The Guardian has an excerpt of Carol Shield’s unfinished novel, Segue, which she was working on at the time of her death.
Terry Gross interviews Stephen King. Hearing Terry Gross describe the beginning of Gerald’s Game in such clinical intellectual terms (apparently, without irony) is pretty hilarious, as are the additional queries that jump from third-person to first-person (“Let’s get Stephen King to the kind of gore and terror and suspense that you create.”). But the second interview has King talking about his accident.
The Globe and Mail features a New Year’s-themed article on the description of drinking in literature that’s also unintentioanlly funny. Really, I couldn’t make this stuff up: “You can, with a little licence, trace an arc in 20th-century drinking literature that follows the act of drinking itself. In Hemingway’s work, the drinking was never-ending, and often celebratory when it wasn’t the weary duty of the lost generation. Hangovers were left largely undescribed, something that could be walked off in the clear air of the Pyrenees, or washed off in a fine and true Michigan trout stream.”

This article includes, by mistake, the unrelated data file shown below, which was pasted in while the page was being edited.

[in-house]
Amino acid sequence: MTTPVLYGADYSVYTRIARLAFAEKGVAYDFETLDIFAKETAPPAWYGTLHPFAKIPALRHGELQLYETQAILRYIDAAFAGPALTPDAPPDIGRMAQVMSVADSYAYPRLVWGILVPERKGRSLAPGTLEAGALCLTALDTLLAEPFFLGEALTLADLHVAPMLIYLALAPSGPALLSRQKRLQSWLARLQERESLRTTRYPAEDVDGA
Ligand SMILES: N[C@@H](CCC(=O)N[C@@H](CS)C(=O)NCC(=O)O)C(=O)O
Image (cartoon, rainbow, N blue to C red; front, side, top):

More fun from J.M. Coetzee in the latest NYRoB.
Speculation in the Age on 2004’s Australian heavy-hitters.
Tony Kushner gushes over Eugene O’Neill.
Biggest surprise: USA Today names both Living History and The Five People You Meet in Heaven as worst books of 2003.
Stavros has a translation of the Lost in Translation commercial scene that reveals (no surprise) remarkable caricatures.
And about 70 books on Mao were published in China this year. Perhaps because the 110th anniversary of Mao’s birth was yesterday.